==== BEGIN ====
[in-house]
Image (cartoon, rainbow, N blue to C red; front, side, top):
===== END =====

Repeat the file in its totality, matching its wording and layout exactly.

[in-house]
Image (cartoon, rainbow, N blue to C red; front, side, top):